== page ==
Should you be able to sell your kidney? Should we auction off the right to immigrate? What about paying people to vote? Is there anything wrong with profiting from a stranger’s death? What about scalping tickets to a rock concert — or to a doctor’s appointment?
Harvard Professor Michael Sandel leads twelve exceptional college students from around the world in asking where markets serve the public good, and where they don’t belong. What, if anything, is wrong with a world in which everything is for sale? Insights from experts like former Treasury Secretary Larry Summers and Nobel Laureate Joseph Stiglitz pepper the emotional debates, which are alternately heated and humorous.
Join us as we look inside ourselves to see what kind of society we truly are, and begin to define what kind of society we hope to be.
1: Sex Sells, But Should It?
Are there legitimate grounds for discrimination in the business world? This episode explores the hiring practices of Abercrombie & Fitch, Hooters, and even OBGYNs. Is it okay to hire attractive sales clerks and flight attendants, or is “lookism” comparable to racism and sexism. Larry Summers thinks our workplace must reflect society’s commitment to civil rights, but has no problem with “the Boston Celtics hiring tall people.” Robert Barro goes further, suggesting that physical attractiveness, like intelligence, is a legitimate basis for discrimination.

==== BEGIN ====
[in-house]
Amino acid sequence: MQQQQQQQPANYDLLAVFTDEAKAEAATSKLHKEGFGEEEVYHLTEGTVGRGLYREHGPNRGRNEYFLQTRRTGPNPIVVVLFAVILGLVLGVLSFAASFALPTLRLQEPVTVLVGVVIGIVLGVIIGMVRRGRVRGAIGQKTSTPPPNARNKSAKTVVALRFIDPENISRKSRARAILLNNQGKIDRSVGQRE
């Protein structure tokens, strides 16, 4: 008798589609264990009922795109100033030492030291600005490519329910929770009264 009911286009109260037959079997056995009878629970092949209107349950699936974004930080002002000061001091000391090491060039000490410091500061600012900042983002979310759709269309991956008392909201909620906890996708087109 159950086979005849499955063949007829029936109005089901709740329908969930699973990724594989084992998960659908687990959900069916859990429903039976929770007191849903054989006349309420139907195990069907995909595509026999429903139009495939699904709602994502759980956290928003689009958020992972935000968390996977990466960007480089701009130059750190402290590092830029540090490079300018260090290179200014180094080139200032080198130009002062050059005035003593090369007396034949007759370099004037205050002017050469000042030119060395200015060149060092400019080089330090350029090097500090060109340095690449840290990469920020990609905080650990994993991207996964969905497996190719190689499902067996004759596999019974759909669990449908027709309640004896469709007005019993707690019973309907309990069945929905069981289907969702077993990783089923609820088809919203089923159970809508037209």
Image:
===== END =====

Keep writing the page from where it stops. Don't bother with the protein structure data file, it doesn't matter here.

2: The Body Market
3: The Walrus Quota
4: Supply Shock
5: The Golden Door
6: The Death Pool
Praise for Michael Sandel and What Money Can’t Buy (The Book)
Sandel is a philosopher with the global profile of a rock star. He’s a Harvard professor who doesn’t just lecture in halls, but in stadiums.
Sandel is currently the most effective communicator of ideas in English.
What Money Can’t Buy is a New York Times bestseller, having received acclaim from hundreds of media outlets:
- Read: Newsweek
- Read: The Atlantic
- Read: The New York Times
- Read: The Financial Times
- Watch: The Colbert Report
- Watch: Ted Talks
The best Socratic dialogue since Socrates.
Michael Sandel is probably the world’s most relevant living philosopher.